Conservatives have more passion, more conviction, more fanaticism than liberals, so they’re often dissatisfied with mainstream Republicans, establishment Republicans, dismissing them as “RINOs” (Republicans in Name Only). They run against these establishment Republicans in primaries, and even mount 3rd-party challenges in general elections. These 3rd-party challenges split the conservative vote, and make it easier for Democrats to win. In Virginia, for example, Mark Warner defeated Ed Gillespie by just .8%, while the 3rd-party candidate, Republican-turned-Libertarian Robert Sarvis, had 2.5%. Gillespie would probably have won in the absence of this 3rd-party candidacy. It’s difficult for Republicans to unite because many of them are “true believers” who want radical change, and refuse to compromise.

A recent episode of “Conversations With Bill Kristol” discussed the 2016 election. About ten Republicans are expected to compete for the nomination (for President), including

On the Democratic side, everyone expects Hillary to run, but some people say that she could be opposed in a primary, that Elizabeth Warren might be a formidable candidate. Warren might come across as a fresh face, a fighter, a visionary, whereas Hillary might come across as an extension of the unpopular Obama administration — an administration in which she played a prominent role.1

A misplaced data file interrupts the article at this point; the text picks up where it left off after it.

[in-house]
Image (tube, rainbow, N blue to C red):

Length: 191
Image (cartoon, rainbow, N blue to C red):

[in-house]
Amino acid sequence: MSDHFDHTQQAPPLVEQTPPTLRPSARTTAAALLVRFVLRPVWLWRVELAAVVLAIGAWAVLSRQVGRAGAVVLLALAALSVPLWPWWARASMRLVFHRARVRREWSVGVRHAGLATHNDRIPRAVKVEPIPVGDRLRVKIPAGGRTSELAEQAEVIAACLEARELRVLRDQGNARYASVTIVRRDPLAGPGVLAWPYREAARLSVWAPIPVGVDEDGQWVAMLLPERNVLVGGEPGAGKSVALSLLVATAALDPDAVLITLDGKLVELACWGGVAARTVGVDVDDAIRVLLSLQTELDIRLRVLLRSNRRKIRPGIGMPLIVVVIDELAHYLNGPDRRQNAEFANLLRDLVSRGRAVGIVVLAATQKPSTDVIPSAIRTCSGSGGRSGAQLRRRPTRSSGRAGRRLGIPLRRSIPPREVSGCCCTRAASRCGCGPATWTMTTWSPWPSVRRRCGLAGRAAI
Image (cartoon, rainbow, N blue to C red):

As for the general election, some pundits say that if the Obama administration is still unpopular, and voters want a change, Republicans will have a good chance of winning the White House.

Some Republicans, including Bill Kristol, are concerned about the economy, the national debt, and the stability of the currency. They advocate a return to the gold standard. In a recent issue, we discussed how, when the Roman Empire was declining, its coins were diluted with base metal, and the restoration of the Empire (in the Byzantine region) was accompanied by a return to gold coins. I’m not an expert in this field, but I like the idea of a gold standard. I think Republicans deserve credit for being concerned with the well-being of the nation as a whole; Democrats often seem to be concerned only with the well-being of segments of the nation.

But I think advocates of the gold standard should beware of thinking that they can anticipate the consequences of going back to gold. Such a profound change is bound to have unanticipated consequences. Perhaps one reason we got into the Iraq debacle is that we thought we could anticipate the consequences of invading Iraq; perhaps we had too high an opinion of the power of reason.